Important steps toward reactivating the maternal allele in PWS: new study examines how drugs can regulate PWS/AS gene expression

One common question in the PWS community is “isn’t there a way to just ‘turn on’ the silent PWS genes on chromosome 15?” As a reminder, the PWS genes are present but silenced on the maternal (mom’s) chromosome 15 in all people with PWS, regardless of genetic subtype.

In theory, if you could ‘turn on’ those maternal PWS genes, you might be able to produce a therapeutic effect. There are a number of researchers working in this area and although simple as a basic concept, the mechanisms underlying this research are very complicated in practice. FPWR is fortunate to have funded several projects aimed at picking apart this question. The findings of one of those projects has just been published in the Proceedings of the National Academy of Sciences (Powell, 2013), and it investigates the molecular mechanisms by which drugs might be used to regulate/re-activate genes in the Angelman’s/PWS region. The study examines specific structures (R loops) made by genes in the PWS region and determines how the drug-DNA/RNA interactions influences expression of genes in the region. The findings advance the basic understanding of PWS genes regulation and also have potential therapeutic implications for both PWS and Angelman’s syndrome (AS).

The results show that there is crosstalk and cross-regulation between the imprinted PWS and AS regions of chromosome 15, which are closely linked and coordinately regulated. Specifically, in AS, the drug topotecan modulates expression of genes in the normal functioning PWS region, which in turn reactivates genes that are silenced in the Angelman’s region. Topotecan itself is not a potential therapeutic for PWS as it acts through the SNORD116 region, a portion of DNA that is either absent or not active in PWS. In addition, topotecan is historically used as a cancer therapeutic and slows/stops cell growth, a clear contra-indication for development as a treatment in children. Further, its effects on DNA are not specific to the AS/PWS region. Nonetheless, it has proven a good tool to begin to explore the possibility of drug-induced activation of AS/PWS genes.

Although “just turning on the maternal genes” may be quite a ways in the future, this work provides important advances in our basic understanding of gene regulation at this imprinted PWS/AS locus, and in how the chromosome is differentially regulated depending on whether it comes from the mother (maternal) or father (paternal). These studies lay important groundwork upon which to build as the research community moves forward in developing drugs or other genetic strategies targeted at reactivation of PWS genes.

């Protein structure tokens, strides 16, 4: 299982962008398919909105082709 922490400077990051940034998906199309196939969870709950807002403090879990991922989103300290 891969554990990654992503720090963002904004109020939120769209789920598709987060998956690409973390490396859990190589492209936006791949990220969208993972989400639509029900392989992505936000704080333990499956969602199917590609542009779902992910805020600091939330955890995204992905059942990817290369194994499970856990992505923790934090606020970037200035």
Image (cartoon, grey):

In addition to the exciting and promising research results, this publication illustrates several goals and priorities of the FPWR grant program. First, this work was additionally supported by funds from large, multi-year NIH grants; grants that the investigators were awarded in part due to the preliminary results generated from the initial funds from FPWR. Importantly, this work is also the result of a new collaborative effort between two independently funded FPWR researchers. Dr. Janine LaSalle was awarded an FPWR grant in 2011 for the project “R-loop formation and chromatin decondensation at the PWS critical locus” and Dr. Frederic Chenin was awarded FPWR grants in 2008 and 2009 for his project “R Loop structures maintain epigenetic imprints at the Prader-Willi Imprinting Center”. Finally, a third FPWR-supported researcher, Dr. David Segal, is acknowledged as a critical reviewer of the paper. Dr. Segal is one of FPWR’s 2012 grant recipients for his work in the area of “Reactivation of maternally-silenced genes in PWS” and is looking at a different, gene-based strategy to accomplish the same goal. We look forward to seeing where these exciting collaborative efforts will take us in the future.

A press release from UC Davis also describes the paper and its implications.

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Topics: Research

Theresa Strong


Theresa V. Strong, Ph.D., received a B.S. from Rutgers University and a Ph.D. in Medical Genetics from the University of Alabama at Birmingham (UAB). After postdoctoral studies with Dr. Francis Collins at the University of Michigan, she joined the UAB faculty, leading a research lab focused on gene therapy for cancer and directing UAB’s Vector Production Facility. Theresa is one of the founding members of FPWR and has directed FPWR’s grant program since its inception. In 2016, she transitioned to a full-time position as Director of Research Programs at FPWR. She remains an Adjunct Professor in the Department of Genetics at UAB. She and her husband Jim have four children, including a son with PWS.

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